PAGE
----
THE SINGING CHICK

Inspired by the beauty of the world around him, a newborn chick breaks into joyful song, frolicking through the forest. A chance encounter with a fox, who is honest about his intentions (“Hello, Lunch,” he says), has dire consequences: he swallows the chick in one gulp. Soon the fox is gamboling through the forest, singing the little chick’s song. He is gobbled up by a wolf, who in turn is consumed by a bear, and every one of them is afflicted with the singing malady. A tumble down the hill knocks all the creatures loose from the bear’s stomach, and, grateful that they are no longer compelled to sing, they return the warbling chick to his parents. Cecil’s illustrations sparkle with humor as every astonished animal is seized by the urge to sing and dance; the deep colors provide a vivid backdrop for the action. This wondrously silly tale will click with the same audience that appreciates any version of “The Old Lady Who Swallowed a Fly.” (Picture book. 3-6)

Pub Date: March 1, 1999

ISBN: 0-8050-5255-0

Page Count: 32

Publisher: Henry Holt

Review Posted Online: May 20, 2010

Kirkus Reviews Issue: Feb. 1, 1999

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WHERE IS THAT CAT?

PLB 0-7868-2399-2 Miss Perkins goes out in the snow to get her mail and brings back a stray cat. Naming it Fitz, because that is the sound it made when it sneezed, Miss Perkins tries not to get too attached to the stray, and runs an ad that reads: “Wanted: Good home for fluffy cat named Fitz.” Fitz, however, does not want to be adopted by anyone other than Miss Perkins, so he mysteriously disappears whenever someone answers the ad. Fitz finds his way into Miss Perkins’s heart by jumping up on her lap and licking the tip of her nose, sleeping at the foot of her bed to keep her feet warm, and finally chasing a mouse out of her home. With that final act, Miss Perkins finds Fitz to be a perfectly remarkable cat. Bright and finely detailed illustrations show clearly why the cat would not leave; the elderly woman’s home is as snug as they come in the detailed illustrations. Children will love this simple story of a love match forged by destiny, and aided by the occasional well-timed disappearance. (Picture book. 3-6)

Pub Date: Aug. 1, 1999

ISBN: 0-7868-0457-2

Page Count: 32

Publisher: Hyperion

Review Posted Online: May 20, 2010

Kirkus Reviews Issue: July 1, 1999

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  • SPONSORED PLACEMENT

One of those rare thrillers whose answers are even more scarifying than its mysteries.

AFTER ALL I'VE DONE

A middle-aged woman sidelined by a horrific accident finds even sharper pains waiting on the other side of her recuperation in this expert nightmare by Hardy, familiar to many readers as Megan Hart, author of All the Secrets We Keep (2017), etc.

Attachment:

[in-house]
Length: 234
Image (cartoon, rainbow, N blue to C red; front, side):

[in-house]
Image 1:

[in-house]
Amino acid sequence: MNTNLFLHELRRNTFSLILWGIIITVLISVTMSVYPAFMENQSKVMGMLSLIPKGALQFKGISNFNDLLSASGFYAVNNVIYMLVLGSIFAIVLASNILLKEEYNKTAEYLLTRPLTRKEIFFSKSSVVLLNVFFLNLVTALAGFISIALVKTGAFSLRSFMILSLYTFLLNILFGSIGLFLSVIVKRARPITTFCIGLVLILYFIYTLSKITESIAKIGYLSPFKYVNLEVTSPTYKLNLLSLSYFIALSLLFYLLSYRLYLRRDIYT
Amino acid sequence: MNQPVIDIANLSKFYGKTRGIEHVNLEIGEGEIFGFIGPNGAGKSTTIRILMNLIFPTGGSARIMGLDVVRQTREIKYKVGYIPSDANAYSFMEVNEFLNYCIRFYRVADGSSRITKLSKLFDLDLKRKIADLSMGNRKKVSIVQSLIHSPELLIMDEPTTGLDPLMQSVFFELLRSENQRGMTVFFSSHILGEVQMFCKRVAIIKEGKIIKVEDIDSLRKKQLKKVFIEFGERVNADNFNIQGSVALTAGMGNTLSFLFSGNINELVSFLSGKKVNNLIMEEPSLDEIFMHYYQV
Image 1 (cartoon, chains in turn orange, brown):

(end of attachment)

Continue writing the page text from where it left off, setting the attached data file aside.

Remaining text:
Five months ago, while she was on her way to the hospital with an ailing gallbladder, Diana Sparrow’s car hit a deer on a rural Pennsylvania road. When she awoke, she was minus her gallbladder, two working collarbones (and therefore two functioning arms), and her memory. During a recovery that would’ve been impossible without the constant ministrations of Harriett Richmond, the mother-in-law who’s the real reason Diana married her husband, Jonathan, Diana’s discovered that Jonathan has been cheating on her with her childhood friend Valerie Delagatti. Divorce is out of the question: Diana’s grown used to the pampered lifestyle the prenup she’d signed would snatch away from her. Every day is filled with torments. She slips and falls in a pool of wine on her kitchen floor she’s sure she didn’t spill herself. At the emergency room, her credit card and debit card are declined. She feels that she hates oppressively solicitous Harriett but has no idea why. Her sessions with her psychiatrist fail to heal her rage at her adoptive mother, an addict who abandoned her then returned only to disappear again and die an ugly death. Even worse, her attempts to recover her lost memory lead to an excruciatingly paced series of revelations. Val says Diana asked her to seduce Jonathan. Diana realizes that Cole, a fellow student in her watercolor class, isn’t the stranger she’d thought he was. Where can this maze of deceptions possibly end?

One of those rare thrillers whose answers are even more scarifying than its mysteries.

Pub Date: Nov. 10, 2020

ISBN: 978-1-64385-470-0

Page Count: 310

Publisher: Crooked Lane

Review Posted Online: Aug. 19, 2020

Kirkus Reviews Issue: Sept. 1, 2020

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PAULINE

Pauline (32 pp.; $16.00; Oct. 5; 0-374-35758-7) The illustrator of Kate Banks’s many books (The Bird, the Monkey, and the Snake in the Jungle, p. 62, etc,) goes solo for a tale that proves children’s suspicion that bigger isn’t always better. Pauline, a fuzzy-eared weasel, is an unlikely heroine, but her courage and dramatic talents combine to save her best friend Rabusius the elephant, trapped by hunters. The thick bold lines and lush colors of the illustrations infuse the story with an excitement and immediacy that will appeal to preschoolers. The spreads are presented from a weasel’s-eye-view are particularly captivating and reinforce Pauline’s small stature and mighty impact. (Picture book. 3-6.)

Pub Date: Oct. 5, 1999

ISBN: 0-374-35758-7

Page Count: 32

Publisher: Farrar, Straus and Giroux

Review Posted Online: May 20, 2010

Kirkus Reviews Issue: Sept. 15, 1999

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